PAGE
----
If you are undrafted the system works differently. Players who go undrafted sign mandatory three year, rather than four year, rookie contracts. Signing bonuses are not slotted but a cap is put on each team so that they can not use large signing bonuses for the players. However, in recent years more and more teams are guaranteeing high levels of salaries for undrafted’s essentially giving some a larger guarantee than players who were drafted in the 6th and 7th rounds. Undrafted players are allowed to be extended after just two NFL seasons rather than three NFL seasons. Finally after the expiration of the player’s contract they are eligible to either be tendered at one of three restricted levels or to become a free agent.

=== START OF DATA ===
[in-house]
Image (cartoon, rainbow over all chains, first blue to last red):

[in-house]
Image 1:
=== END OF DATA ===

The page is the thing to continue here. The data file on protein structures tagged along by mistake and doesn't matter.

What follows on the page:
If you begin to play the money out you will see that there are clear benefits that are available to players who go undrafted and to a much lesser extent sliding from late in the second round of the draft into the third round of the draft. This was something that was exploited by Cowboys right tackle La’El Collins when his draft stock was impacted by an unfounded allegation and he made it known that he would not accept being drafted late in the draft and wanted to be an undrafted free agent (UDFA). By going undrafted Collins was going to have the ability to sign a lucrative extension earlier than anyone else or at the very least have the potential for a massive raise in the 4th year of his career. Collins signed his extension after his second year and did indeed “game the system”.